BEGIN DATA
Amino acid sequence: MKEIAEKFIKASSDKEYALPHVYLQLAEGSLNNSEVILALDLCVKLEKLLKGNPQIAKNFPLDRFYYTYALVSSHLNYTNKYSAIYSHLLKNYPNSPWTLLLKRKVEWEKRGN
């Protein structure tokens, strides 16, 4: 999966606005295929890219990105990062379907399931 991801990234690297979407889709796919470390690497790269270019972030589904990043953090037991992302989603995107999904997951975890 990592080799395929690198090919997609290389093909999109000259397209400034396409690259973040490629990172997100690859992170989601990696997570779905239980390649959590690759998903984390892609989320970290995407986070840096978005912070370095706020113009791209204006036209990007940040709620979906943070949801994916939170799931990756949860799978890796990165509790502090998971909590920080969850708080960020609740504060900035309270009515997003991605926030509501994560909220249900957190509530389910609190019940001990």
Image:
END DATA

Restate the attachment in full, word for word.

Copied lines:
Amino acid sequence: MKEIAEKFIKASSDKEYALPHVYLQLAEGSLNNSEVILALDLCVKLEKLLKGNPQIAKNFPLDRFYYTYALVSSHLNYTNKYSAIYSHLLKNYPNSPWTLLLKRKVEWEKRGN
């Protein structure tokens, strides 16, 4: 999966606005295929890219990105990062379907399931 991801990234690297979407889709796919470390690497790269270019972030589904990043953090037991992302989603995107999904997951975890 990592080799395929690198090919997609290389093909999109000259397209400034396409690259973040490629990172997100690859992170989601990696997570779905239980390649959590690759998903984390892609989320970290995407986070840096978005912070370095706020113009791209204006036209990007940040709620979906943070949801994916939170799931990756949860799978890796990165509790502090998971909590920080969850708080960020609740504060900035309270009515997003991605926030509501994560909220249900957190509530389910609190019940001990």
Image: